This article discusses the benefits of battery-electric commercial vehicles from a sustainability perspective, primarily focusing on emissions but also looking at the end-to-end environmental impact of the products. You can find a PDF of this article here.
Automotive pollutants fall into two main categories:
Air quality pollutants – These degrade the air quality in a region. Poor air quality impacts human health and leads to hospitalizations and deaths. Air quality pollutants include:
Greenhouse gases – These capture heat in the atmosphere and are contributing to man-made global warming. Examples are:
A battery-electric vehicle emits no CO2. There’s no fossil fuel combustion, so there’s no carbon dioxide.
There is also no NOX, no CO and no CH4. And since there’s no fuel, VOCs are much reduced, though a new vehicle will probably emit adhesive solvents for a while.
The emissions of particulate matter (PM) are also improved:
However, tire dust and road dust emissions are unchanged relative to a conventional vehicle.
So, a battery-electric vehicle scores very well regarding on-road emissions.
Reducing carbon dioxide emissions comes at the top of any list of sustainability priorities, so how does a battery-electric vehicle compare with its internal combustion cousins?
According to the US Environmental Protection Agency (EPA) (link1, see table 2):
Therefore, a diesel vehicle which does 8 miles to the gallon will emit 281 lbs of CO2 per 100 miles. Or a gasoline vehicle which gets 12 miles to the gallon will emit 162 lbs of CO2 per 100 miles.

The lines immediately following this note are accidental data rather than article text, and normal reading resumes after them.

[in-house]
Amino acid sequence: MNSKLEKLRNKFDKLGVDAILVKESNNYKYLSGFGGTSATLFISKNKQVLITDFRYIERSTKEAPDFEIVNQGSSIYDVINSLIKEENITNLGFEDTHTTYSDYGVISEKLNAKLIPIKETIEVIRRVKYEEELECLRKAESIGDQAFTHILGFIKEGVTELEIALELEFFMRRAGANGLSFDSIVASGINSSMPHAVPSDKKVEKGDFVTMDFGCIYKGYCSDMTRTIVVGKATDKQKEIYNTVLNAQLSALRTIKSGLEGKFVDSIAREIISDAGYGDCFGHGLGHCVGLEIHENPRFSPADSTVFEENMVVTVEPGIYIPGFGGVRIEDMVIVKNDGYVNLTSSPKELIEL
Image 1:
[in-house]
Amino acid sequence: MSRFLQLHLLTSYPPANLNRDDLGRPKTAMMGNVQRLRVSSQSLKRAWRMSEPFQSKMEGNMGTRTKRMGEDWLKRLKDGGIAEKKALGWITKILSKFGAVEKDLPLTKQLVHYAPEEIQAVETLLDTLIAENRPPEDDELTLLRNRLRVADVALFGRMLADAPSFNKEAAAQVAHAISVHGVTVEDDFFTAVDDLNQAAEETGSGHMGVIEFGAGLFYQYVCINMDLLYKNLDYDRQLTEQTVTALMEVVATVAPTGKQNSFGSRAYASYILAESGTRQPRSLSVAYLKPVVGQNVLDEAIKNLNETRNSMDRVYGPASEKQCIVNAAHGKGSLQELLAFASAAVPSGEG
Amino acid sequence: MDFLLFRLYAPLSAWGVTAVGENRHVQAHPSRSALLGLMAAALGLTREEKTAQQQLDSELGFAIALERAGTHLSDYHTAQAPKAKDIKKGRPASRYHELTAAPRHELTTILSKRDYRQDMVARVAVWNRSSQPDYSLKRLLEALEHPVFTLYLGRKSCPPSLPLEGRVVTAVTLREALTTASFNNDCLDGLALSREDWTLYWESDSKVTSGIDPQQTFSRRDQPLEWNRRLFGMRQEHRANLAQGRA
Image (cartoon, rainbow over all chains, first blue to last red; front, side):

A battery-electric vehicle emits no CO2 at all. At first glance, this appears to make it easy to calculate how many pounds of CO2 you’ll save each year if you replace your conventional vehicles with EVs. However, for a more complete picture, we need to take a look at where the electricity comes from.
The electricity used to charge a battery-electric vehicle usually comes from “the grid”, which is the infrastructure which delivers electricity from one or more power stations to the end user. Depend- ing on the type of power station, CO2 may be emitted:
So how do an EV’s CO2 emissions compare with gasoline and diesel when we take the grid into account?
For coal-fired power stations, which are the most CO2-intensive, the emissions are approximately 1.9 lbs of CO2 per kilowatt-hour (kWh) of electricity generated (EPA link table 1, and Wikipedia for efficiency values). Since a commercial EV travels about 1 mile per kWh (say for class 5), that’s 190 lbs of coal-generated CO2 per 100 miles of range. That falls between our diesel and gasoline example vehicles above.
However, natural gas (methane) power stations are taking over from coal in most US markets. They emit 35% of the CO2 that coal emits for the same electricity output, so if your local grid is 100% natural gas powered, your EV’s carbon emissions are 65 lbs of CO2 per 100 miles, which is 4.3x less CO2 than the diesel vehicle.
But most regional grids have a mix of power generation types which include nuclear and renewable (primarily solar and wind). For example, California’s mix (as of 2018, Wikipedia) has 43.8% natural gas, a little wood/biomass combustion and almost no coal. All of the rest of the generation capacity comes from solar, hydro, nuclear, wind and geothermal, none of which emit CO2.